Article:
This day, our last, dawned clear and crisp. That was the good news. The bad news was that my e-mail had been hacked. It seems I was now selling Korean computers, which certainly is better than selling blue pills for men! I quickly changed my password and hoped that all was OK.
For at least half an hour, we'd heard the throaty rumble of 1950s-era engines as other T-Birds rolled into the Wigwam Motel. Here were our fellow T-Birders from several local clubs -- Inland Empire, Palm Springs and Southern California -- ready to accompany us in our triumphal drive to the End of the Trail in Santa Monica. In all, 12 Birds made the trip to Santa Monica, but not without incident.
Before we left the Wigwam, we lined up the four PSEB Baby Birds by one of the teepees with Les and Jo's "California or Bust" Bird in front. Perhaps one of the photos will see the light of day in a magazine?
We began as a grand parade on the freeway, attracting an unbelievable amount of attention. It was beautifully planned: Lucy was in the lead, followed by our little group, and Doc was the last car; they were able to communicate using hand-held radios.
Lucy had arranged for lunch at Bubba Gump's, a popular eatery on the pier that takes its name from the movie, "Forrest Gump." Sad to say, two of our group had to leave at this point: Earl still wasn't feeling well, so he and Jane opted out of the lunch and began the trek home. Also, Les and Jo had to beat feet homeward because Jo was due back in her office on Monday.
Lucy's lunch plans went far beyond the usual. She and the others who joined us on our tour to Santa Monica paired up with a PSEB couple and treated us to lunch! It was such a surprise and so generous of our T-Bird friends.
|Lucy presents a "Mother Road Musical Memories" CD to Nancy.|
Thank you, Lucy!
|Doc presents a certificate.|
We took Pacific Coast Highway, our old Malibu stomping grounds, out of the L.A. area with Duane and Nancy and Bill and Doris on our tail. It was a beautiful afternoon as we sped up the coast with the shimmering ocean on our left. Our goal for tonight was San Luis Obispo, which would put us in good striking distance for another T-Bird gathering tomorrow in Los Gatos.
As we went inland, the sputtering and gurgling we'd heard in the exhaust system when we were in Arizona got louder. By now we were sounding like a truck and as we came downhill into the valley, we backfired every time Gordon let up on the gas. I remember when it was cool to make your car backfire; not now however.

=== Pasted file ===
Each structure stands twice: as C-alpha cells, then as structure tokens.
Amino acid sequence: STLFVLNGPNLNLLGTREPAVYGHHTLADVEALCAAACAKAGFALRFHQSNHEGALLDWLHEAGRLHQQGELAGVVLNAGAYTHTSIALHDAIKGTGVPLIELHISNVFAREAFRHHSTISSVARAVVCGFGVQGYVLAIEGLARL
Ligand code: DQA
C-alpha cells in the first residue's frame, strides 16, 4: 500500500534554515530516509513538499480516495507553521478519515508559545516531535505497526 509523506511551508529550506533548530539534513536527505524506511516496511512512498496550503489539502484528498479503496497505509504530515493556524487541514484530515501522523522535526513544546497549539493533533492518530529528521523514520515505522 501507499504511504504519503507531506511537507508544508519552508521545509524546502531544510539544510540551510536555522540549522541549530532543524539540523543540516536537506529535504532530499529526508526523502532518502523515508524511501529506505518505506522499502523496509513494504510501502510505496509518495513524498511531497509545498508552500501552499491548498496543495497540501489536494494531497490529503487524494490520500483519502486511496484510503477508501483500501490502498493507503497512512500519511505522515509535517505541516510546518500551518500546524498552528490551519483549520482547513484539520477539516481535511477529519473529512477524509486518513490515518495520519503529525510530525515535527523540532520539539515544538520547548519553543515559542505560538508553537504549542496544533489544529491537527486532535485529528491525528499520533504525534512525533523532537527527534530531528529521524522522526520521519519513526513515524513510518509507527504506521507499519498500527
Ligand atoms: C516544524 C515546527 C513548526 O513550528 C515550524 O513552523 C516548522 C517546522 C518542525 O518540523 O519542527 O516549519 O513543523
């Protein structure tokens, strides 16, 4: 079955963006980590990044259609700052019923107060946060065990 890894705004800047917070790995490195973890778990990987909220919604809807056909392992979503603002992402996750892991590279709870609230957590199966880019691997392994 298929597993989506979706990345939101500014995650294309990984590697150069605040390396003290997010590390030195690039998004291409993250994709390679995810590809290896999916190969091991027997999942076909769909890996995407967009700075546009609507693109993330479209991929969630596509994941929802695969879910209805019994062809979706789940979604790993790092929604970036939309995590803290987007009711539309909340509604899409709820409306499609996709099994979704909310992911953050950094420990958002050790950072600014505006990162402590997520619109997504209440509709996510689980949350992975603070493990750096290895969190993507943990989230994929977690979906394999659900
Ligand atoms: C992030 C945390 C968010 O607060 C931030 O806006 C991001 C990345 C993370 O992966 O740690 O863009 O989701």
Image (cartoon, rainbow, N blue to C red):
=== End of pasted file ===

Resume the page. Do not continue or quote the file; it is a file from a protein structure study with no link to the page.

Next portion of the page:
We plan to check it out tomorrow, but for now, it's another motel room in another town.
Saturday, Oct. 9 -- San Luis Obispo, Calif. --
Gordon was on the phone bright and early trying to find a muffler shop that could take a look at the Bird. He located one in Arroyo Grande, about 15 minutes south of SLO and was off by 8 a.m. Once they had it on the rack, it was obvious that the exhaust system was just plain exhausted! The head pipe needed to be replaced. This was something we could not have foreseen -- there had already been a lot of wear and tear on the pipe, but the continued driving at speed and the heat over the past 21 days had accelerated its deterioration. Although it meant we'd be late to Los Gatos, it was something that had to be repaired.
We left SLO shortly after noon and put the pedal to the metal to get to Los Gatos. Our hosts, Barbara and Paul Perry, live in a beautiful canyon surrounded by redwood trees. Barbara had met the other two PSEBers to lead them to her home, but we plugged the address into Gypsy and we had no problem at all. Actually, their house would have been hard to miss -- countless Baby Birds lined the road on both sides -- quite a sight to see.
Although he couldn't be there because of a family wedding in Las Vegas, Doc Dockter, who lives in the Bay Area, hatched the idea of this wonderful T-Bird gathering and did a lot of the behind-the-scenes communications and coordination. We're so glad he did! Thank you, Doc.
Once again we were struck by the genuine friendliness of other T-Bird owners. Perhaps it's because we share the love of an American icon, or perhaps it's that only really cool people own these marvelous machines. Whatever the reason, we revel in the camaraderie we experience no matter where our T-Bird takes us. Our thanks to all the Northern California folks who came to the Perrys' lovely home, and we thank Barbara and Paul for their delightful hospitality. We would love to have the chance to reciprocate some day.
And so our Route 66 saga comes to a close.
Would we do it again? In a heartbeat -- but we probably won't because the open road is calling us to new places: Canada Highway 1 through the Rockies, and the network of back roads from British Columbia into the wilds of the Northwest Territories and Alaska.
Do we recommend it? Absolutely. It gave us a look at a bygone America.
What did we learn? That Route 66 is alive and well . . . traveled, that is, not by the people who once supported hundreds of gas stations, motels and diners as they went from Point A to Point B. Instead, today it is a remarkable asphalt ribbon that is a mecca for nostalgia buffs worldwide who want to catch a glimpse of automobile travel in America as it was 70 or more years ago.
And yes, we DID get our kicks on Route 66.
Judy and Gordon